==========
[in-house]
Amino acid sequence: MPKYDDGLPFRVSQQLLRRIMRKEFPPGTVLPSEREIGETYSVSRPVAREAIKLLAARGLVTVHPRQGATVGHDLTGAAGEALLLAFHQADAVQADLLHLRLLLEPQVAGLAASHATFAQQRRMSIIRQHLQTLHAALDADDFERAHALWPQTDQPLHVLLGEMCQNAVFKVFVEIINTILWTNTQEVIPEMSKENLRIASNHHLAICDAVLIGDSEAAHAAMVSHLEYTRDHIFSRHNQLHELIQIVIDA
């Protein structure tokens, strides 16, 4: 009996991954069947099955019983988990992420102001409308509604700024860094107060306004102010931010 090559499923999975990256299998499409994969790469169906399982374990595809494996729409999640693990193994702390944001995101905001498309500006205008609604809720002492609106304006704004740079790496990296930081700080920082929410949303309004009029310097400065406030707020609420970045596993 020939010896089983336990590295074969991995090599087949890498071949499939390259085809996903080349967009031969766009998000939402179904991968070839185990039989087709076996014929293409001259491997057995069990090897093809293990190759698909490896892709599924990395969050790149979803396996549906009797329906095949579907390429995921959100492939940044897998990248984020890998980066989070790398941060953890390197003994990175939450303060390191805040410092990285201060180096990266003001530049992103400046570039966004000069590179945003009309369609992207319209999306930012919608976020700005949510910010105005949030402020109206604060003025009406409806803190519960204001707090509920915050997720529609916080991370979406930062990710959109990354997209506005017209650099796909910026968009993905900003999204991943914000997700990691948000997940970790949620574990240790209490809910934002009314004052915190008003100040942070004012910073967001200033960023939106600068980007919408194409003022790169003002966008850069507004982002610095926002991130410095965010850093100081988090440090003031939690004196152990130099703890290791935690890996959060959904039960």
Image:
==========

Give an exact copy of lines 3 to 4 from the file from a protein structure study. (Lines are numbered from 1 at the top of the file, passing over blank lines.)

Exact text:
């Protein structure tokens, strides 16, 4: 009996991954069947099955019983988990992420102001409308509604700024860094107060306004102010931010 090559499923999975990256299998499409994969790469169906399982374990595809494996729409999640693990193994702390944001995101905001498309500006205008609604809720002492609106304006704004740079790496990296930081700080920082929410949303309004009029310097400065406030707020609420970045596993 020939010896089983336990590295074969991995090599087949890498071949499939390259085809996903080349967009031969766009998000939402179904991968070839185990039989087709076996014929293409001259491997057995069990090897093809293990190759698909490896892709599924990395969050790149979803396996549906009797329906095949579907390429995921959100492939940044897998990248984020890998980066989070790398941060953890390197003994990175939450303060390191805040410092990285201060180096990266003001530049992103400046570039966004000069590179945003009309369609992207319209999306930012919608976020700005949510910010105005949030402020109206604060003025009406409806803190519960204001707090509920915050997720529609916080991370979406930062990710959109990354997209506005017209650099796909910026968009993905900003999204991943914000997700990691948000997940970790949620574990240790209490809910934002009314004052915190008003100040942070004012910073967001200033960023939106600068980007919408194409003022790169003002966008850069507004982002610095926002991130410095965010850093100081988090440090003031939690004196152990130099703890290791935690890996959060959904039960």
Image: